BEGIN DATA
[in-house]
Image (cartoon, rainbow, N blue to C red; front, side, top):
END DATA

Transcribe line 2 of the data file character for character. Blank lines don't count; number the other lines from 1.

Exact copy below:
Image (cartoon, rainbow, N blue to C red; front, side, top):